Fixing the Broken Parts: Can Schools Save New Orleans? Fixing the Broken Parts: Can Schools Save New Orleans?
Communities

Fixing the Broken Parts: Can Schools Save New Orleans?

by Amanda M. Fairbanks

July 21, 2010

New Orleans's unprecedented building boom has schools as its centerpiece. With new construction—and new ways of teaching—revolutionizing education in the blighted city, one big question remains: Can a city be remade through its schools?


Above: Betty Coulon, the RSD’s executive director of operations, and Ramsey Green, chief operating officer of the Recovery School District, talk shop in one of the portables of the Abramson Science and Technology Charter School that functions as a cafeteria.

Left: Steve Kennedy stands before the nearly complete L.B. Landry High School. It will open in August.


 

 

Above: When the rest of public school students in New Orleans are already on summer break, second graders at Benjamin E. Mays Preparatory School, a charter school, are still in session.

But Jules Lagarde, who works for the firm managing the design and construction of schools for both the RSD and OPSB, says the rebuilding is being done with  long-term financial resilience in mind. “Our job is to get buildings that are manageable, not pie-in-the-sky dreams, not ‘We never should have built that,’” he says. Lagarde is required to follow the standards agreed upon in the master plan, adhering to the code requirements of local, state, and federal authorities.

When the detractors get to be too much, Lagarde thinks back to the kids who returned to New Orleans after having been exiled to other cities. Their request was a fairly straightforward one: “Why can’t we have schools like the ones we saw when we were away?”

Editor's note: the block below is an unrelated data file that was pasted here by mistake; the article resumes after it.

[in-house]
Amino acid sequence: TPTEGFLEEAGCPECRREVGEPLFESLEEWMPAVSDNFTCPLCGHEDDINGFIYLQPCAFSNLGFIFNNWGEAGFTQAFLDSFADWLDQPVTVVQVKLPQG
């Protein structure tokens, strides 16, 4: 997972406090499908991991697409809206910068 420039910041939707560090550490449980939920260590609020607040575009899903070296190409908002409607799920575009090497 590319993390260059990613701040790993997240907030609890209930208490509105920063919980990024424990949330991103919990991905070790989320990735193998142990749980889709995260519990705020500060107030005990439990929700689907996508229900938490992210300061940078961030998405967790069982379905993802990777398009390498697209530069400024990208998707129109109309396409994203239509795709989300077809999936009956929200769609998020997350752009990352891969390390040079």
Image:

When Katrina struck, on August 29, school had been in session for nearly two weeks. Half a million residents scattered across the country to cities like Memphis and Houston, where many glimpsed for the first time what a school was supposed to look like and how it was supposed to function.

Like the corner bars, parks, and churches that make up any neighborhood, schools are a community anchor—particularly in New Orleans. “It’s not uncommon for the great-grandmother, grandmother, mother, and grandchild to have all attended the same    school—the same elementary, middle, and high school,” explains Grisela Alejandro Jackson, 54, the board president of the Lawrence D. Crocker Arts and Technology School. “You can’t bring back these communities without bringing back their schools.”

For Jackson and others, the rebuilding of their schools is about feeling a sense of permanence again. “When do children in this city ever learn they are respected if they’re living in substandard housing and going to substandard schools—when does the environment show them they are respected?” asks Lona Edwards Hankins, 45, the mother of three New Orleans public-school children, who would routinely choose a school for her kids based on the condition of its bathrooms—whether they had stalls, for instance, or rolls of toilet paper. She joined the RSD as director of capital improvements to fix not only the bathrooms, but the entire buildings.

Stan Smith, the chief financial officer of the Orleans Parish School Board, worries about just how long the one-time allotment of FEMA dollars can last. While the remaining $1.3 billion of the $2 billion is likely to come through, it hasn’t yet, because of a lump-sum settlement between the district and FEMA that is still being agreed upon. Worse still, Smith fears that the oil spilling into the Gulf of Mexico will divert not only attention, but precious resources, from his city’s rebuilding. “A lot of that one-time money is going away, and we’re now returning to a funding level at which we’ll have to figure out how to live into the future—we’ve been living above our means since the storm.”

Meanwhile, later this summer, once the job at L. B. Landry High School is complete, Kennedy will be transferred to a new site, where he will begin another construction job. That is, of course, until the federal disaster money dries up. Until that time, however, there are schools to build.

This article originally appeared in GOOD Issue 020: The New Orleans Issue, on newsstands now. Read more from The New Orleans Issue here.

Photographs by Daymon Gardner.
 

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Fixing the Broken Parts: Can Schools Save New Orleans?